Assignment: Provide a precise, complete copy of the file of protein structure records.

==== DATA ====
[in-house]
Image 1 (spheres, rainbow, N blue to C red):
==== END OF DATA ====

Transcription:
[in-house]
Image 1 (spheres, rainbow, N blue to C red):